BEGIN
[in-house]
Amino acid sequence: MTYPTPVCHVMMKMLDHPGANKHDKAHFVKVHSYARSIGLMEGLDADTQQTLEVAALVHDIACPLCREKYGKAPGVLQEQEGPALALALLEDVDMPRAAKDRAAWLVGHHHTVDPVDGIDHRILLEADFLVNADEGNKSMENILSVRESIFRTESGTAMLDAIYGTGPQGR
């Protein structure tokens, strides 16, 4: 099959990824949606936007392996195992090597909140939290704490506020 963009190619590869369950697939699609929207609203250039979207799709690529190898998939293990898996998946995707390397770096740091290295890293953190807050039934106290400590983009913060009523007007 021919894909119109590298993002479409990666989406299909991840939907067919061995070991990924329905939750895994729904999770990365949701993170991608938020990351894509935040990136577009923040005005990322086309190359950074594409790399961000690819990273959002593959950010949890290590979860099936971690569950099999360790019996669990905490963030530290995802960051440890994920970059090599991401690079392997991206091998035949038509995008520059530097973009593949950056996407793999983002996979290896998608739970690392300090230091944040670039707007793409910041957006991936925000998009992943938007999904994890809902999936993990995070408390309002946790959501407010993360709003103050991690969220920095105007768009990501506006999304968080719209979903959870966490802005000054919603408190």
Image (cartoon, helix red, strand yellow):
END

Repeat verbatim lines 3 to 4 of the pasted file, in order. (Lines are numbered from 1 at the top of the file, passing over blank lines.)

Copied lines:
């Protein structure tokens, strides 16, 4: 099959990824949606936007392996195992090597909140939290704490506020 963009190619590869369950697939699609929207609203250039979207799709690529190898998939293990898996998946995707390397770096740091290295890293953190807050039934106290400590983009913060009523007007 021919894909119109590298993002479409990666989406299909991840939907067919061995070991990924329905939750895994729904999770990365949701993170991608938020990351894509935040990136577009923040005005990322086309190359950074594409790399961000690819990273959002593959950010949890290590979860099936971690569950099999360790019996669990905490963030530290995802960051440890994920970059090599991401690079392997991206091998035949038509995008520059530097973009593949950056996407793999983002996979290896998608739970690392300090230091944040670039707007793409910041957006991936925000998009992943938007999904994890809902999936993990995070408390309002946790959501407010993360709003103050991690969220920095105007768009990501506006999304968080719209979903959870966490802005000054919603408190």
Image (cartoon, helix red, strand yellow):